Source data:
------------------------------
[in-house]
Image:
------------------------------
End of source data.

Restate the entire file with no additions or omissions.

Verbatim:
[in-house]
Image: